Procurement is so vital in value creation that it’s hard to imagine how innogy functioned without this strategic department. Piepel is adamant that procurement savings must be recognised as vital to profitability. “If a salesperson made 30% more sales, they would be seen as the hero of the company, but if procurement makes savings with the same effect, which will also be sustainable over the next year, nobody really notices. You have to make the organisation aware of your bottom line savings and innovations from suppliers as well. This helps senior management and the board understand how important procurement can be. And in the age of digitisation, it is our job to scan the world market for disruptive and digitised solutions, services and products to bring them into the business.”

Procuring across Europe

With Innogy operating across a multitude of locations, it’s important to ensure procurement organisations are independent parts of a well-run whole. “We structure procurement not according to countries but according to categories across a global market,” Piepel explains. “We allocate experts to each category who may work in different countries, but the negotiation and strategy can be done centrally. You can then apply the same best-in-class process whether in the UK, Germany, the Netherlands or elsewhere.”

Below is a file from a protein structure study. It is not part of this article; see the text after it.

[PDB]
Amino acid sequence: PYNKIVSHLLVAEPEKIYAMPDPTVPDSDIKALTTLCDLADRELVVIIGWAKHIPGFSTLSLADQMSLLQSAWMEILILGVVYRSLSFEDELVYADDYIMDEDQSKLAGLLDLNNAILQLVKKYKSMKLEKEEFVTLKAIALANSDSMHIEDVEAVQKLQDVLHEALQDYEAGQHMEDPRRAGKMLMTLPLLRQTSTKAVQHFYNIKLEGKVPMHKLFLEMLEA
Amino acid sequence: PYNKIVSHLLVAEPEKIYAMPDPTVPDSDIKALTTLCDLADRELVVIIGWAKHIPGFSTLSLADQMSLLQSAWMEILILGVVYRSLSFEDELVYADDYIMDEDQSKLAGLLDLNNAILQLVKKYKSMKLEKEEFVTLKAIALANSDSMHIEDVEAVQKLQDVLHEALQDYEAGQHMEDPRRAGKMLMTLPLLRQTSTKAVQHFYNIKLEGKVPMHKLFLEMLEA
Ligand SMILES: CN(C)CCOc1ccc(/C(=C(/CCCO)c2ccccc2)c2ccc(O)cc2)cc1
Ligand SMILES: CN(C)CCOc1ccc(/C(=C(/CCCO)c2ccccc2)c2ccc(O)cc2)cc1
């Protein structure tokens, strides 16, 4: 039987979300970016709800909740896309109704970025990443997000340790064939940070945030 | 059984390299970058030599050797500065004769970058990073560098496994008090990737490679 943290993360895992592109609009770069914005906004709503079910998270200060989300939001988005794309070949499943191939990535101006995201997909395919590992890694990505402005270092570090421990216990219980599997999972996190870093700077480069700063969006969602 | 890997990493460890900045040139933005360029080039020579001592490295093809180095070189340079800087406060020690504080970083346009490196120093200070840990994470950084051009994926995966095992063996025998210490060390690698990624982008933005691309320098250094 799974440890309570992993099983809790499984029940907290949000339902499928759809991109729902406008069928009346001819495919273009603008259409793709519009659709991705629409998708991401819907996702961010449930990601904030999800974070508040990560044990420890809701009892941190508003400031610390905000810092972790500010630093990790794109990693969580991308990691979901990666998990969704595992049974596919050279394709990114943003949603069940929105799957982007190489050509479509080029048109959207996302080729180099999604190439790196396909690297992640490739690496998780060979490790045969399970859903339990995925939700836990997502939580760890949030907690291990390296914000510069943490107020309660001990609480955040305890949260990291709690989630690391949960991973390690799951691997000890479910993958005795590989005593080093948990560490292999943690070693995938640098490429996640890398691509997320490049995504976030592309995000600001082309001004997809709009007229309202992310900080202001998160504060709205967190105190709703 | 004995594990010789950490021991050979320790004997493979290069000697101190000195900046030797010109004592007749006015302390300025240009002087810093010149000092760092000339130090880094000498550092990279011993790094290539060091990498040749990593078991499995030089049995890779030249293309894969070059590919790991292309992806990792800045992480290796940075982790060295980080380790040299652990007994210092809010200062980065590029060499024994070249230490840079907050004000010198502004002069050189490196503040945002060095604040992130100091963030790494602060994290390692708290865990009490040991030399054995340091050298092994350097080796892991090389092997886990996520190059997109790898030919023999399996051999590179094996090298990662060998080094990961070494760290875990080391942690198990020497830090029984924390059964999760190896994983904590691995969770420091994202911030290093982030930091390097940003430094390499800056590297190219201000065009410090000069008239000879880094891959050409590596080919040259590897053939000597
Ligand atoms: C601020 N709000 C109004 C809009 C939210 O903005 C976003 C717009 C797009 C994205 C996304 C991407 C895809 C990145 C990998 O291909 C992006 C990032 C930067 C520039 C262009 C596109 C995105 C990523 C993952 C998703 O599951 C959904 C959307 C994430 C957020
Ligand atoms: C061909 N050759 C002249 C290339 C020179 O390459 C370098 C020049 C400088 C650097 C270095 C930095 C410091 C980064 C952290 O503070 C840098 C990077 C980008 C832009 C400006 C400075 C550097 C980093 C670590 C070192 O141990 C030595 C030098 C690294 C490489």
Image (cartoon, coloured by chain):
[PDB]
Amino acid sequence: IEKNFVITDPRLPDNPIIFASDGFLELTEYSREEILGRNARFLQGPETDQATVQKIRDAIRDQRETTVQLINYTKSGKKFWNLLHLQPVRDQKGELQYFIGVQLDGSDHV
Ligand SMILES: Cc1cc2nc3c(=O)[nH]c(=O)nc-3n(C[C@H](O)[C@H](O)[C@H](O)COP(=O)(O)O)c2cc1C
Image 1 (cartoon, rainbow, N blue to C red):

The energy giant deals with a variety of product groups, and Piepel has worked to centralise these in order to make the most of resources, thus increasing the knowledge within each category dramatically. “In the past, we had maybe 15 buyers for cables for example, but why not concentrate this to a single buyer with the right knowledge of markets, suppliers and cost points? To create a great organisation, you must centralise procurement as much as you can. We need these experts who focus on a few product groups, rather than covering many categories in a decentralised organisation with little knowledge.”